In Phoenix command, if I come up behind you wadling along in my firing stance to shoot you, I will probably shoot you before you shoot me even if you're much more athletic and skilled than me, because it takes time-in game to turn around, assume a firing stance (or you could shoot from the hip and probably miss), to ready a slung weapon, and so on and so forth. If I'm ready to go it only takes me 1 impulse to make a semi auto or full auto attack, whereas if you're so much as facing over 60 degrees in the wrong direction it will take you 1 impulse just to bring your field of fire to cover me, so there's almost nothing you can do in that situation to not get blown away by me. There are lots of basic actions that are timed in impulses, even shifting over 60 degrees in your foxhole (1 impulse) and peering over the lip in a new direction (2 impulses). It really forces tactical play and again plays very much like the old Rainbow Six game where planning and covering the right directions were the name of the game.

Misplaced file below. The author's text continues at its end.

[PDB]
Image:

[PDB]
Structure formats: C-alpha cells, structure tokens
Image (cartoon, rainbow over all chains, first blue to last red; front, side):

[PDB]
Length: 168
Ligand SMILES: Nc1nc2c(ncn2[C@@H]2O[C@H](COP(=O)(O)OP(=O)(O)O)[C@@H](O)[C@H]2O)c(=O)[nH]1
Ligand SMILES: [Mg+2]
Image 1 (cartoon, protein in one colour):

On the other hand you could not get a situation where someone practices his fast draw a lot and all things equal manages to shoot someone first, because the amount of time it takes to perform each action in impulses is global rather than character-based. There are some advanced optional initiative rules which deal with forming a plan in your mind before acting, and how long thinking takes versus how many actions you're allowed to plan, but that gets increasingly complex and proscribed while not really addressing the basic issue that based on training and athleticism different people could complete combat actions such as assuming a firing stance at different rates of speed.